Buonomo T.,CEINGE Biotecnologie Avanzate |
Carraresi L.,Metabolic and Muscular Unit |
Rossini M.,University of Siena |
Martinelli R.,CEINGE Biotecnologie Avanzate |
Martinelli R.,University of Naples Federico II
Journal of Translational Medicine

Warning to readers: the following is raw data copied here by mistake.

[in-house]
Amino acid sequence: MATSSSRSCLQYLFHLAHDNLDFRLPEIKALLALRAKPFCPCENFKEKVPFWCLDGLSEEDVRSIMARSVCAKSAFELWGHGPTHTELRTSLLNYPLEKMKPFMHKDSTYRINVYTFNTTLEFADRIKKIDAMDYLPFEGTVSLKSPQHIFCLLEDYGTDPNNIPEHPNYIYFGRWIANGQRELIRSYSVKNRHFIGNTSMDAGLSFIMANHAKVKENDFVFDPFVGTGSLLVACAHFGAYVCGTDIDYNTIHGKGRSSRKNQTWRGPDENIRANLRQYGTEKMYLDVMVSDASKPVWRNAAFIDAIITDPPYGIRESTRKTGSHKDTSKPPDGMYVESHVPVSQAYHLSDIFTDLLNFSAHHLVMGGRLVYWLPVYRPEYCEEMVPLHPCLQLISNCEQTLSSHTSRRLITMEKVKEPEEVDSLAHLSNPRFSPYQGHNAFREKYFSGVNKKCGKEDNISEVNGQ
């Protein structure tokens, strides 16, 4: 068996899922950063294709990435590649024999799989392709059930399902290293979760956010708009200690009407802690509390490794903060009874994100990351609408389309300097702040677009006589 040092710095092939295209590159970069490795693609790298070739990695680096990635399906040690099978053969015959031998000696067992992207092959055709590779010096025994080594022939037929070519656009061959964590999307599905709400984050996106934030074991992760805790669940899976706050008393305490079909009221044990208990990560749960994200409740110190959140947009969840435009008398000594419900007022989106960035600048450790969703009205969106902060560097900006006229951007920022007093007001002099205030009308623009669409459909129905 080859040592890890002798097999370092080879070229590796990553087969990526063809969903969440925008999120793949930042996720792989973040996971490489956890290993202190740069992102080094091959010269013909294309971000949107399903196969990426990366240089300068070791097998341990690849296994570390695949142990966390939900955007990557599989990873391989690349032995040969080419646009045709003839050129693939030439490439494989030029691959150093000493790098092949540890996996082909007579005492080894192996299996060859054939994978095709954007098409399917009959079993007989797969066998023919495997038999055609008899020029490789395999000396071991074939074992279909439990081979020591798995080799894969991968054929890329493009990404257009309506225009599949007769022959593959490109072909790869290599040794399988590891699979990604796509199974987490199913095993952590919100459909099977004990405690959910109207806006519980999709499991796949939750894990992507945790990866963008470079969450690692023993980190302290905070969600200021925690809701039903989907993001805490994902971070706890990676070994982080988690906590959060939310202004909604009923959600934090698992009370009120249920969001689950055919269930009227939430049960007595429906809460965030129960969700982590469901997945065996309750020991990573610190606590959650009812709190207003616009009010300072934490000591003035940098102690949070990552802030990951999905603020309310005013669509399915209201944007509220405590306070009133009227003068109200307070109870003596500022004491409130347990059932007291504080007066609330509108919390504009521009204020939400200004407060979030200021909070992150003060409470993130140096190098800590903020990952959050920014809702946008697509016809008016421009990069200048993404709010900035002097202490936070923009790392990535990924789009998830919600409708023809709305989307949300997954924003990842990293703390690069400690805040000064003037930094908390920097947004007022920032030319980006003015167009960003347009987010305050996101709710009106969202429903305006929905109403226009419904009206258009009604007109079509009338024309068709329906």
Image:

Background: Lung cancers consist of four major types that and for clinical-pathological reasons are often divided into two broad categories: small cell lung cancer (SCLC) and non-small cell lung cancer (NSCLC). All major histological types of lung cancer are associated with smoking, although the association is stronger for SCLC and squamous cell carcinoma than adenocarcinoma. To date, epidemiological studies have identified several environmental, genetic, hormonal and viral factors associated with lung cancer risk. It has been estimated that 15-25% of human cancers may have a viral etiology. The human papillomavirus (HPV) is a proven cause of most human cervical cancers, and might have a role in other malignancies including vulva, skin, oesophagus, head and neck cancer. HPV has also been speculated to have a role in the pathogenesis of lung cancer. To validate the hypothesis of HPV involvement in small cell lung cancer pathogenesis we performed a gene expression profile of transgenic mouse model of SCLC induced by HPV-16 E6/E7 oncoproteins.Methods: Gene expression profile of SCLC has been performed using Agilent whole mouse genome (4 × 44k) representing ~ 41000 genes and mouse transcripts. Samples were obtained from two HPV16-E6/E7 transgenic mouse models and from littermate's normal lung. Data analyses were performed using GeneSpring 10 and the functional classification of deregulated genes was performed using Ingenuity Pathway Analysis (Ingenuity®Systems, http://www.ingenuity.com).Results: Analysis of deregulated genes induced by the expression of E6/E7 oncoproteins supports the hypothesis of a linkage between HPV infection and SCLC development. As a matter of fact, comparison of deregulated genes in our system and those in human SCLC showed that many of them are located in the Aryl Hydrocarbon Receptor Signal transduction pathway.Conclusions: In this study, the global gene expression of transgenic mouse model of SCLC induced by HPV-16 E6/E7 oncoproteins led us to identification of several genes involved in SCLC tumor development. Furthermore, our study reveled that the Aryl Hydrocarbon Receptor Signaling is the primarily affected pathway by the E6/E7 oncoproteins expression and that this pathway is also deregulated in human SCLC. Our results provide the basis for the development of new therapeutic approaches against human SCLC. © 2011 Buonomo et al; licensee BioMed Central Ltd. Source